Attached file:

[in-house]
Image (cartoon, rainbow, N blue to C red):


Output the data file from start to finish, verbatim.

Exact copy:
[in-house]
Image (cartoon, rainbow, N blue to C red):